How did I so quickly find joy in watching a woman falsely accuse my dad of being a crook? Easy. Grief makes you a citizen of Crazytown. Also, I was looking through a different fishbowl, and the part that was magnified for me was my Daddy. Many don’t know that last summer, a few days before our first scheduled family vacation since Molly died, Dad had some chest pains. Luckily, he went straight to the hospital. He’ll argue with us about this, but he had a mild heart attack. He was able to have one stent placed, and has done really well. One of the first things that Mom and I noticed after his return from the Cath Lab was his skin coloring. For a long time prior, he had grown very pale. We chalked it up to exhaustion and grief. Good thing we aren’t MDs, it was actually because his blood wasn’t flowing properly. On the news video this morning, in the right fishbowl, I saw my Dad’s skin tone. It was pink and flesh-colored and beautiful. Then, I noticed something even more beautiful. Before Molly died, my Dad was never one to back down from a fight. He never backed down from what he knew was right, and many Atlanta journalists admired him for his candor and his vivacious spirit. To be honest, over the last 5 years, his spirit has been squashed. While the old Dad would giggle and crack his knuckles at the thought of a “fight” with the press, my new Dad had backed down from some “fights.” For the battles he picked, his affect was flat, and you could tell his mouth was working, but his heart wasn’t in it. Today, I saw a glimpse of my Daddy who is the strongest man in the world, and who makes me know I don’t have to be afraid of anything with him. He asserted himself, engaged in banter, and had the twinkle in his eye that let me know he was in fighting form, if only for a brief time. Because of that, I noticed the kind things that people were saying about him on social media, and I had such a peace that I had a super productive and succesful day at work. For today, I was able to devote less of my thoughts to worrying about my Dad.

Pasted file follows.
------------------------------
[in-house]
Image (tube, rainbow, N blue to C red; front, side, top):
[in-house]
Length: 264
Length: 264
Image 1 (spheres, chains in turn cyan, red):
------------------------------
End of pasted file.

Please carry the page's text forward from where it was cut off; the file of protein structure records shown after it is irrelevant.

So to 11 Alive, I am sorry that you had a slow news day, but thank you, once again for picking on my dad from your fishbowl. It allowed me to pay attention to another fishbowl of mine. You may think you really zinged him. Sad news for you, I’ve seen him zinged only a few times in my life, and none of them had to do with what the media thought of him. While you did not present an earth-shattering case, you did tickle Dad’s “ready for battle bone,” and I was certain it had been buried with my sister.

I hope to keep the MollyROCK fishbowl set smack dab in the middle of families. I hope we can see their strengths, I hope we can find the beauty, I hope we can find the peace.

Keep MollyROCK in everything you do. Fights with media, comments on Facebook, and everywhere between.

More than meat loves salt,